The request also includes additional environmental information. For example, IP address or DNS name could be included in the request because they might impact conditions set on a configuration policy.
The Policy Service checks for policies that apply to the request.
Policies are cached in OpenSSO Enterprise. If the policies have not been cached already, they are loaded from OpenSSO Enterprise.
If policies that apply to the request are found, the Policy Service checks if the user identified by the session token is a member of any of the Policy Subjects.
If no policies that match the resource are found, the user will be denied access.
If policies are found that match the resource, and the user is a valid subject, the Policy Service evaluates the conditions of each policy. For example, Is it the right time of day? or Are requests coming from the correct network?
If the conditions are met, the policy applies.
If the conditions are not met, the policy is skipped.
The Policy Service aggregates all policies that apply, encodes a final decision to grant or deny access, and responds to the policy agent.
The next part of the basic user session is Logging the Results.
When the policy agent receives a decision from the Policy Service, the events illustrated in Figure 6–5 occur.
The decision and session token are cached by the policy agent so subsequent requests can be checked using the cache (without contacting OpenSSO Enterprise).
The cache will expire after a (configurable) interval has passed or upon explicit notification of a change in policy or session status.
The policy agent issues a logging request to the Logging Service.
The Logging Service logs the policy evaluation results to a flat file (which can be signed) or to a JDBC store, depending upon the log configuration.
The Logging Service notifies the policy agent of the new log.
The policy agent allows or denies the user access to the application.
If the user is denied access, the policy agent displays an “access denied” page.
If the user is granted access, the resource displays its access page.
Assuming the browser displays the application interface, this basic user session is valid until it is terminated. See Session Termination for more information. While logged in, if the user attempts to log into another protected resource, the Single Sign-On Session begins.
SSO is always preceded by a basic user session in which a session is created, its session token is validated, the user is authenticated, and access is allowed. SSO begins when the authenticated user requests a protected resource on a second server in the same DNS domain. The following process describes an SSO session by tracking what happens when an authenticated user accesses a second application in the same DNS domain as the first application. Because the Session Service maintains user session information with input from all applications participating in an SSO session, in this example, it maintains information from the application the user was granted access to in Basic User Session.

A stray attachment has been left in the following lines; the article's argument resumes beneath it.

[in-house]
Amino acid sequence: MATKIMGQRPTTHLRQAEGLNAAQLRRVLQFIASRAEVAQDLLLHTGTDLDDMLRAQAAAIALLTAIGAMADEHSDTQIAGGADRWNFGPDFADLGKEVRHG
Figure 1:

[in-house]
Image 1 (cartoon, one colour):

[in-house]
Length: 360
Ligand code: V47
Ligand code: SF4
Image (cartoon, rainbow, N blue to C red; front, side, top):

The user attempts to access a second application hosted on a server in the same domain as the first application to which authentication was successful.
The user’s browser sends an HTTP request to the second application that includes the user’s session token.
The policy agent intercepts the request and inspects it to determine whether a session token exists.
A session token indicates the user is already authenticated. Since the user was authenticated, the Authentication Service is not required at this time. The Session Service API retrieve the session data using the session token identifier imbedded in the cookie.
The policy agent sends the session token identifier to the OpenSSO Enterprise Session Service to determine whether the session is valid or not.
For detailed steps, see Session Validation.
The Session Service sends a reply to the policy agent indicating whether the session is valid.
If the session is not valid, the user is redirected to the Authentication page.
If the session is valid, the Session Service creates a Session Listener.
As the session is valid, the Session Service creates a Session Listener.
A Session Listener sends notification to the policy agent when a change in the session state occurs.